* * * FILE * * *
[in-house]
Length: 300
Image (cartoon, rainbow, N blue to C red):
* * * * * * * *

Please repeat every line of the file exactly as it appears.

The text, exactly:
[in-house]
Length: 300
Image (cartoon, rainbow, N blue to C red):